Oncology Times connected with Richards-Kortum for her perspectives on computer-aided diagnosis in cervical cancer. Her research focuses on improving early detection of cancers and other diseases, especially in low-resource settings.


Oncology Times: What are some of the factors for why accurate diagnosis of cervical cancer remains difficult?


Richards-Kortum: "Human papillomavirus (HPV) vaccination, along with detection and treatment of cervical precancerous lesions, has been highly effective at preventing cervical cancer in high-income countries. In these settings, patients who screen positive by cytology or HPV testing are referred to a second visit for colposcopy and biopsy of clinically suspicious lesions. Patients with pathologically high-grade lesions then require a third visit for treatment. This three-visit process for screening, diagnosis, and treatment of cervical precancers is difficult to implement in low- and middle-income settings due to a scarcity of trained professionals, lack of affordable equipment, lack of pathology services, and high rates of loss to follow-up."


Oncology Times: Machine learning, deep convolutional neural networks, and AI algorithms can revolutionize human health. How can the application of CAD systems in the early screening and diagnosis of cervical cancer be conducive to addressing limited human resources and improving diagnostic accuracy?


Richards-Kortum: "In low- and middle-income settings, the availability of colposcopy and pathology services is often limited. Low-cost imaging technologies coupled with deep learning-based CAD systems could address the challenges faced by low- and middle-income countries in expanding and optimizing cervical cancer prevention programs. Several CAD systems have already been developed to automate interpretation of colposcopic images, and algorithms that leverage advances in deep learning have shown improved diagnostic performance. Artificial intelligence systems could help streamline care, enabling rapid and accurate treatment decisions at a low cost."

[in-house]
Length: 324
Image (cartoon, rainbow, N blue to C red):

Oncology Times: Where do you see your deep learning-based CAD system fitting within the diagnostic workup of cervical cancer?


Richards-Kortum: "We developed our deep learning-based CAD system to interpret high-resolution microendoscopy images and detect precancer and cancer. In this study, we showed that our system performed comparable to expert colposcopy for cervical precancer and cancer diagnosis, demonstrating its potential to aid clinical decision-making in real time, reducing the need for clinical resources and multiple patient visits."


Oncology Times: What limitations of the current study remain to be addressed for this system to be integrated into clinical settings?


Richards-Kortum: "Currently our system relies on clinical guidance for placement of the imaging probe. When an expert colposcopist is unavailable, this presents a limitation. Advancement in the field of colposcopy image analysis may aid in guiding appropriate placement of the imaging probe by localizing high-risk areas on the cervix."


Dibash Kumar Das is a contributing writer.